Quantum communications are different. Taking advantage of uncertainty at quantum scales, we can let our information be both 1 and 0 simultaneously. This bit of quantum information, or qubit, can be a superposition of states – a 1, a 0 or a combination – until it is observed, at which point its wave function collapses. Due to superposition, qubits can perform more than one calculation at a time and hold more information than their classical counterparts.

Confidentiality in communication is not only nice to have; it is necessary. According to the Identity Theft Resource Center, there were 1,862 data breaches in 2021, compromising nearly 300 million people. There are many sources of these data breaches. Many of them occur when information is transferred. Any communication over the Internet is likely to be intercepted and seen by someone other than the intended recipient.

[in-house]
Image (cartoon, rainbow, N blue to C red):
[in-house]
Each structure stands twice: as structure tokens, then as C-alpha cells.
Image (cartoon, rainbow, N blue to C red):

To protect our privacy, data transferred via conventional communication channels may be encrypted. But the strength of this encryption is balanced by the ingenuity of the hacker. Traditional communication is based on combinations of 1s and 0s. Hackers can look at these 1s and 0s, copy them and send them, without anyone else knowing that the message has been intercepted. The level of security using quantum communication, on the other hand, is rooted in the laws of physics, and it could be immune to hacking using a process called QKD, or quantum key distribution.